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Data Considerations for SOAs
Shared data services can enable SOA success.
by Chris Keene

December 1, 2004

While most experts agree on the functional benefits of service-oriented architecture (SOA) implementation, their visions of how to achieve it differ widely. Some suggest leveraging existing applications by wrapping them with a common application program interface (API). Others advocate building a completely new architecture with functional modules that expose services to end-user applications. Still others espouse a hybrid approach.

Regardless of the vision, data access logic consumes a high percentage of development resources and plays a significant role in the success or failure of an SOA initiative. Ultimately, data access logic can even determine whether the resulting systems meet performance and scalability requirements.

Our experience with SOAs in demanding enterprise environments has produced useful insights regarding the data access challenges common to SOAs. These challenges include the need to:

  • Increase developer productivity by allowing developers to focus more on business-critical logic.
  • Maintain data integrity when migrating existing data and application silos to enterprise services.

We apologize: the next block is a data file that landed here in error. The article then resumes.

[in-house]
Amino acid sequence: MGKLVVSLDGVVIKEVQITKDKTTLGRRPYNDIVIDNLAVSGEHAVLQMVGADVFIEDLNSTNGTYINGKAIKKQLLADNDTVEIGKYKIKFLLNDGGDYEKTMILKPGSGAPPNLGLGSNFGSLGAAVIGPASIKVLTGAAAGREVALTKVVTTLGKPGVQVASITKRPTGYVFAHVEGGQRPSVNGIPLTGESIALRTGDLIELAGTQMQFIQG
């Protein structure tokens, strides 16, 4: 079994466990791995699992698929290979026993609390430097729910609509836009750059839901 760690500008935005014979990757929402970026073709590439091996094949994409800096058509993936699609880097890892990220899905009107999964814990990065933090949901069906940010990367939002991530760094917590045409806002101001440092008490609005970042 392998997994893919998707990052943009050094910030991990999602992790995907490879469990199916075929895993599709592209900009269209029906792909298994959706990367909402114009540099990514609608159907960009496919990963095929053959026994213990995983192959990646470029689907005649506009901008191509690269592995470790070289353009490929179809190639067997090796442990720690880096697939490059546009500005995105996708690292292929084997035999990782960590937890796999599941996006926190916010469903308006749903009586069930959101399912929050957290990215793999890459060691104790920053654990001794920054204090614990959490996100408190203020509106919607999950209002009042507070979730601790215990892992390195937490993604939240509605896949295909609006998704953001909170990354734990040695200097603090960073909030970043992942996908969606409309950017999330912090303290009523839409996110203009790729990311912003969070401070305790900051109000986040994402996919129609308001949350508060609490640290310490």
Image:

• Ensure the performance and scalability of the deployed system.

This article discusses the advantages of implementing shared data services to deliver on the true promise of an SOA—rapid application development through reusable components without sacrificing fast, accurate enterprise data access. By designing a shared data layer into an SOA, companies can avoid integrity, performance, scalability, and availability issues that might otherwise occur.

I include a case study of a financial services company that adopted a shared data services approach for a realtime trading platform. It was able to double developer productivity and achieve high performance and scalability while maintaining data integrity.

Defining an SOA
An SOA provides a flexible, reusable framework for building and integrating multiple applications and application components. An SOA allows an enterprise to share application services to quickly construct new applications and provide greater value to the enterprise.

The commonly cited benefits of an SOA are:

  • Flexibility to enable developers to quickly build new applications.
  • Reusability to leverage investments across multiple applications.
  • Loose coupling to avoid the brittleness of monolithic applications.

Web services are often mentioned in discussions of SOAs. Web services generally wrap existing applications and related data and expose a consistent API for business-level services, such as credit card authorization. Web services are frequently used to integrate packaged applications. In this respect, Web services offer some of the benefits of an SOA without requiring significant rewriting or re-architecting of existing applications.

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